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And that’s an integral part of me. It doesn’t take some monumental icon or tourist attraction to wow me. For me, it’s all about what moves me emotionally, what touches my heart and soul, a connection, a feeling of being nurtured and of belonging – not me belonging to a particular place or a place being somehow mine simply because I’m a citizen of this country, but a merging: a feeling of oneness. A beauty and serenity that is within and around me. Something subtle yet obvious, to me. Yes, a feeling, a connection, an awareness.

Often, a fantastic attraction that sees hundreds of thousands, or even millions, of tourists or visitors annually, leaves me dulled, presumably by the massive whirlpool of energy that remains – in comparison, a simple natural place that is only visited by those who are delighted by solitude and understated beauty can be spiritually awesome, for me. Today, the two separate places left me mulling over the unmistakable difference that grand and simple can often affect upon me, and why, and I am more aware of me as a result.

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Travelling – The incredible beauty of solitude and nature

 

OLYMPUS DIGITAL CAMERAA tranquil expanse of water, stretching into the sky, glittering in the sunshine as it merges with the horizon. Slow moving rippling light is reflected from the water surface to the underside of bleached paperbark limbs reaching over the inlet, branches dangling into the water.

Whirring wings of honeyeaters and chirping chatter of fairywrens. Nature’s music. The sky is blue, the earth is damp.

Solitude. No-one else’s energy or thoughts to deflect – just nature emitting nurturing energy. As I rest in the shade, Mother Earth’s chilly fingertips brush my neck and bare arms, and I shiver involuntarily.

Alone with nature – four elements of earth, fire, air, water – all speak to my senses. Although it’s a ‘place’ I’m sitting at and admiring, it’s more than a ‘place’. It’s a part of everything that the universe encompasses – and I’m a part of all that.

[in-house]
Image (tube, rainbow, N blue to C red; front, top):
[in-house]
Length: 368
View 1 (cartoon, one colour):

A special moment where the birds jump about my feet – unthreatened by my presence because my energy is totally loving and giving. I want nothing from them, just the privilege of sharing their company and space.  I shift to sit in the sun and let the fire in the sky warm my back.

When you’re aware of the absolute perfection of solitude and when you feel overwhelming gratitude for the nurturing hand of Mother Nature, clarity trickles over your being, and you know that everything that you have in this moment is all that you need.  There is no temptation to think of the past or the future and all the angst it might hold for you.

Thoughts disappear as I embrace the incredible beauty of solitude and nature.

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Travelling – Sitting on a mountain

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A mountain only by Australian standards. Elsewhere in the world it would be classed as a rocky hill. East Mount Barren in Fitzgerald National Park on the southern coast of Western Australia.

And it doesn’t matter that I only made it to the foothills. Size and scale don’t equate to success or notoriety in my world, for my soul has been touched by the magic of nature. That’s a beautiful and all powerful experience.

I’m perched on a chunk of granite with a splendid view of ocean, beach, mountains and bushland, all bathed in brilliant early-morning sunshine. A gentle breeze whispers to me. The solitude is precious. Birdsong, waves rolling in to the beach – no human-made sounds. Sunshine is warm on my back. The moment is perfect, and this moment is all there is.

I put my pen down and soak in the tranquility and beauty. It is now a part of me.

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Travelling – The spiritual experience that was Crystal Castle

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Sharing something special with someone special, makes that something special all the more special.